The sweet way of using very stale bread is a British classic. Bread and butter pudding, the ultimate comfort food. Simply layer a greased baking dish with sliced buttered bread, sprinkling sugar and mixed fruit over each layer, then covering the whole lot with an egg and cream custard. Forty minutes in an oven should do it…and then you wait for a mountain of stale bread to build up again.
(Sweet recipe) Bread and butter pudding

• Butter a two pint oblong enamal baking dish.
• Butter, slice and lay four slices of bread on base of dish.
• Sprinkle sugar and half of the 3oz of dried fruit on top.
• Repeat with the remaining 4 slices of bread

• Mix half pint of milk with eighth of a pint of double cream, 2oz of sugar and grated rind of half a lemon.

• Whisk in previously beaten eggs. (3)
• Pour over bread, sprinkle with nutmeg, and bake in oven 180 centigrade (350 F) for 40 minutes.
• Serve wam, though also nice cold as a 1am fridge snack.


But why am I writing this? What do I know? It seems to me the world is divided into those who live from packets and those who know this stuff already.

***
Editor's Note: For more of Mike's stories, I urge you to put his blog on your reader. I am constantly amused by his colorful life.

How about you out there? What do you do with leftovers? Do you force them on your children, feed them to the dog or pass them on to unsuspecting guests?

Greg hates leftovers so I am always looking for ways to 're-purpose' them.

For more Prudent Penny posts go here.

For posts on permaculture and homesteading.

4 comments:

Kaz Augustin said...

Okay, want to know the big secret? The big money-saving secret? Take it from an Asian, 99% of the time, you don't need coconut milk in a curry. Not only is the sucker relatively expensive, but it's chock-full of saturated fat non-goodness. Mmm mmmm.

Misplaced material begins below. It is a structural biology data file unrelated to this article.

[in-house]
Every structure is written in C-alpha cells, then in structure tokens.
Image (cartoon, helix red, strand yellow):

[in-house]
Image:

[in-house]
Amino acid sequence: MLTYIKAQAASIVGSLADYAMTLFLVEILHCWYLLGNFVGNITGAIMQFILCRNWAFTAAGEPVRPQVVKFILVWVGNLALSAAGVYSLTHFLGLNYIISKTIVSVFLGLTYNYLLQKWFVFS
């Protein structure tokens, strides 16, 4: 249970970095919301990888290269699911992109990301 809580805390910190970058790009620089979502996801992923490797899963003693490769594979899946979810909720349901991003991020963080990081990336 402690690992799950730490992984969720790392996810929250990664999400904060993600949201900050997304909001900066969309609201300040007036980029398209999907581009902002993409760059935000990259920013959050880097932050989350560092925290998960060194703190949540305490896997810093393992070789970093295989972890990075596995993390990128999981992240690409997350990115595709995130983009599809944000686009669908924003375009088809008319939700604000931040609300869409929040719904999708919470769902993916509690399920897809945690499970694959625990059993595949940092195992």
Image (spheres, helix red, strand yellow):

For all the curries that use milk (and even for laksa), I use regular milk (only 4% fat). Really. There's no difference in taste, as I've regularly had guinea pigs ... er, guests ... to my table attest. And restaurant chefs do the same thing -- regular milk, nix the coconut. Try it and you'll see.

Maria Zannini said...

I think using coconut milk in a recipe depends on the cook. I'm not particularly fond of the taste of coconut milk and I only stock it because my friend Mel insists I use it when I make (her) muqueca (http://mariazannini.blogspot.com/2008/12/rounding-out-year.html) I know for a fact she'll hunt me down and hurt me if I don't follow her recipe exactly. --Mike, I'm sure will only maim me.

Since the only milk I keep is either dry or canned coconut, I'll use whatever is standard for that recipe.

I am not at all daring when it comes to cooking. Just tell me how to make it and I'll follow instructions.

And since I've never made curry from scratch...Kaz. Methinks you might be offering to do a guest post on curry. ;o)

Mike Keyton said...

'it's chock-full of saturated fat non-goodness. Mmm mmmm.'

Oh, Kaz, you sound like my daughter! She's Genghis Khan when it comes to 'healthy eating'. She'd hide the butter if she could. But I appreciate what both you and Maria, say,- the grey area in cooking is where the fun is.

And Maria, this is the second near dubious word verification I've had from your site. I had to type it in carefully. 'oingisms' I ask you!

Maria Zannini said...

Ref: I had to type it in carefully. 'oingisms' I ask you!

LOL! Perception is in the eye of the reader. I saw 'oinkisms'.

Another word for common pig proverbs.

hmm...sounds like a future blog post when I start to accumulate animals.